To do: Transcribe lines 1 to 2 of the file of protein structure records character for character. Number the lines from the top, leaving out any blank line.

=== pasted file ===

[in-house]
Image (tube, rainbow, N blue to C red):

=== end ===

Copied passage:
[in-house]
Image (tube, rainbow, N blue to C red):